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Space to Think, a new book celebrating ten years of the Dublin Review of Books More Information 

    Freedom’s Just Another Word

    Joe Cleary
    There is a good deal of evidence to suggest that rock music was foundationally both socially liberal and economically neoliberal from the mid-70s onwards. The social liberalism may have been most evident in the music, the neoliberalism in the media infrastructures that carried it.
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    Humans and Other Animals

    Róisín Kennedy
    In an age obsessed with technology and consumerism Janet Mullarney’s work reverts to a basic humanity, but does so in complex ways. Her art, Declan McGonagle has written, reminds us ‘that we all swim in a sea of continuities, of memories and dreams which suffuse our reality’.
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    Identity? Mine’s knottier than yours

    Richard Bourke
    Identity? Mine’s knottier than yours
    If one wanted to write a contemporary comic novel about Irish academia the action would surely have to take place at an Irish Studies conference, somewhere off the island, and the big intellectual beasts would tussle over Irish ‘identity’ – a concept they all without exception love. But what does it mean?
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    Think first, then act

    Eddie Lewis
    It is unlikely that we will find any single solution to Ireland’s housing crisis. The aim of the decision-makers in the short term should be to do what they can to manage the current crisis while at the same time preparing a way for a longer-term reform of the housing system.
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    Don’t Look Up

    Kevin Duff
    A resort to high-rise has been suggested as a means to solve Dublin’s planning and housing problems. But there are better solutions, including the conversion of free space above city centre shops and the reconfiguration, for greater population density, of the twentieth century suburbs.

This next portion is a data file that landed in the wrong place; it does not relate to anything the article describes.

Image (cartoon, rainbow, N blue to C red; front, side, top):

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    Revivalism and Modern Irish Literature, by Fionntán de Brún

    Once independence was won, the question facing Irish ideologues and leaders was how to make revival real. It was then that the tenuous and tentative nature of the relation between the cultural and the political became clear. Those different spheres would never march in lockstep.
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    Buried Treasures

    Patricia Craig
    Buried Treasures
    Belfast’s Balmoral Cemetery was once a gloriously dishevelled and spooky playground favoured by the more adventurous among neighbourhood children. But after many complaints it was cleaned up, and it’s now as straight-lined and ‘Protestant-looking’ as anyone could wish.
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    Gorgeous and Sinful

    Catherine Marshall
    Harry Clarke’s work in stained glass can be read in a variety of ways – as modernist, late Victorian, political, even apolitical, but whichever way one argues about interpretations it is hard to question his achievements.
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    Notes from the Other Island

    Patrick Duffy
    The collected reports of a former Irish correspondent for British media depict a country that is notably less prosperous than it is today but one in which it seems there was always time to talk. Many things have changed since, and some, like rural depopulation, have not.
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    Once Upon a Space

    Luke Gibbons
    One of the main concerns of Brian O’Doherty’s collected essays is to raise questions about the retreat into subjectivity responsible for the cult of the personality in the art world. In an interview, O’Doherty confessed that he ‘never wished to make art from the degraded slums of my inner life’.
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